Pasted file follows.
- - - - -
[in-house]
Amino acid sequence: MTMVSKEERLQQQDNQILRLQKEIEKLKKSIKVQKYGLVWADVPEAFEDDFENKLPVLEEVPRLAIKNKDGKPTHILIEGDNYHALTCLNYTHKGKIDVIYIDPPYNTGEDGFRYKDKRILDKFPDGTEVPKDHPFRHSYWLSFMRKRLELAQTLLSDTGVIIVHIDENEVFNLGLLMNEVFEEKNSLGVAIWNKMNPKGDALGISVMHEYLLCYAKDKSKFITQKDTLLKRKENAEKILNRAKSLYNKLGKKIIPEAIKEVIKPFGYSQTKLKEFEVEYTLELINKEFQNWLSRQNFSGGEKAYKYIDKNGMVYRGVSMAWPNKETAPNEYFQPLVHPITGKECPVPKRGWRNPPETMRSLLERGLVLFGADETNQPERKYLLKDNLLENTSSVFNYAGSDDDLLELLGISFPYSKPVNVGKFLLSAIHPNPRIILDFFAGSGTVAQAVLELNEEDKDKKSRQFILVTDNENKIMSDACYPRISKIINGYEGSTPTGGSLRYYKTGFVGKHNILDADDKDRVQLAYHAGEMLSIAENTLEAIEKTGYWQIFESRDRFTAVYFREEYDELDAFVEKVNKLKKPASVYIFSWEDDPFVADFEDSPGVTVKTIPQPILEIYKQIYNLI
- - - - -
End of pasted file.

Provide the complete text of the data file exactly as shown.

[in-house]
Amino acid sequence: MTMVSKEERLQQQDNQILRLQKEIEKLKKSIKVQKYGLVWADVPEAFEDDFENKLPVLEEVPRLAIKNKDGKPTHILIEGDNYHALTCLNYTHKGKIDVIYIDPPYNTGEDGFRYKDKRILDKFPDGTEVPKDHPFRHSYWLSFMRKRLELAQTLLSDTGVIIVHIDENEVFNLGLLMNEVFEEKNSLGVAIWNKMNPKGDALGISVMHEYLLCYAKDKSKFITQKDTLLKRKENAEKILNRAKSLYNKLGKKIIPEAIKEVIKPFGYSQTKLKEFEVEYTLELINKEFQNWLSRQNFSGGEKAYKYIDKNGMVYRGVSMAWPNKETAPNEYFQPLVHPITGKECPVPKRGWRNPPETMRSLLERGLVLFGADETNQPERKYLLKDNLLENTSSVFNYAGSDDDLLELLGISFPYSKPVNVGKFLLSAIHPNPRIILDFFAGSGTVAQAVLELNEEDKDKKSRQFILVTDNENKIMSDACYPRISKIINGYEGSTPTGGSLRYYKTGFVGKHNILDADDKDRVQLAYHAGEMLSIAENTLEAIEKTGYWQIFESRDRFTAVYFREEYDELDAFVEKVNKLKKPASVYIFSWEDDPFVADFEDSPGVTVKTIPQPILEIYKQIYNLI